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Bulk carrier guide for international grain code requirements

Grains such as wheat, rye, maize, rice, oats, seeds and their processed forms have been commonly transported by ships. Grains have a tendency to settle and shift within a ship's cargo compartments.



A compartment may be full when the cargo is loaded but, due to ship's vibration and other movements, the grain settles leaving space at the top of the cargo. This space allows cargo to move from side to side in conjunction with the rolling and pitching of the vessel.

grain clean cargo hold
Fig: Hold of a bulk carrier that is grain clean and ready to load
As the cargo shifts the vessel lists to one side. The International Grain Code was written at a time when grain was predominantly carried onboard general cargo vessels, employing methods including saucering, bundling and strapping. However, modern bulk carriers are designed and constructed taking the problems of carrying grain into consideration. The BLU Code refers to loading and discharging operations and develops an understanding of procedures.

SOLAS regulation VI/9.1 (Requirements for cargo ships carrying grain) provides that a cargo ship carrying grain must hold a Document of Authorization as required by the International Grain Code, and for the purposes of regulation 9, the requirements of the Code should be treated as mandatory. A ship without a Document of Authorization must not load grain until the master satisfies the flag State Administration, or the SOLAS Contracting Government of the port of loading on behalf of the Administration, that the ship will comply with the requirements of the International Grain Code in its proposed loaded condition (regulation 9.2).

The International Code for the Safe Carriage of Grain in Bulk is commonly called the “International Grain Code” was adopted by the IMO Maritime Safety Committee by resolution MSC.23(59). It applies to ships regardless of size, including those of less than 500gt, engaged in the carriage of grain in bulk, to which part C of chapter VI of the 1974 SOLAS Convention, as amended, applies (A 1.1).

Grain Code defines “grain” as including wheat, maize (corn), oats, rye, barley, rice, pulses, seeds and processed forms thereof, whose behaviour is similar to that of grain in its natural state .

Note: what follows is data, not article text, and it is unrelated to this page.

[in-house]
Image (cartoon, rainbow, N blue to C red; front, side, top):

A Document of Authorization must be issued by or on behalf of the flag State Administration for every ship loaded in accordance with the Code, and must be accepted as evidence that the ship is capable of complying with the Code (A 3.1).

The Document of Authorization must accompany or be incorporated into the Grain Loading Manual provided to enable the master to meet the requirements of A 7 (A 3.2). The Manual must meet the requirements of A 6.3 (A 3.2).

The Document of Authorization, grain loading stability data and associated plans may be in the official language or languages of the issuing country. If the language used is neither English nor French, the text must include a translation into either English or French.

A copy of the Document of Authorization, grain loading stability data and associated plans must be placed on board so that the master, if required, may produce them for inspection by the SOLAS Contracting Government at the loading port (A 3.4).

The flag State Administration, or a SOLAS Contracting Government on its behalf, may exempt individual ships or classes of ship from particular requirements of the Code if it considers that the sheltered nature and conditions of the voyage are such as to render their application unreasonable or unnecessary.

Information in printed booklet form (i.e. a Grain Loading Manual) must be provided to enable the master to ensure that the ship complies with the Code when carrying grain in bulk on an international voyage (A 6.1). Information to be in the booklet is listed in A 6.2 and A 6.3. The information in A 6.2 must be acceptable to the flag State Administration (or a Contracting Government on its behalf), while the information in A 6.3 must be approved by that body.

A ship not having on board a Document of Authorisation issued in accordance with A 3 of the Code may be permitted to load bulk grain subject to certain conditions, one of which is that the total weight of the bulk grain does not exceed one third of the ship’s deadweight (A 9.1).


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Operation of sea going bulk carriers involved numerous hazards . Careful planning and exercising due caution for all critical shipboard matters are important . This site is a quick reference to international shipping community with guidance and information on the loading and discharging of modern bulk carriers so as to remain within the limitations as specified by the classification society.
It is vital to reduce the likelihood of over-stressing the ship's structure and also complying with all essential safety measures for a safe passage at sea. Our detail pages contain various bulk carrier related topics that might be useful for people working on board and those who working ashore in the terminal. For any remarks please Contact us

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